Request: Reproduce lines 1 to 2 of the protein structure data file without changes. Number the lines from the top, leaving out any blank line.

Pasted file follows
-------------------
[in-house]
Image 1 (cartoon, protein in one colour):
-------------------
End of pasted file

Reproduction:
[in-house]
Image 1 (cartoon, protein in one colour):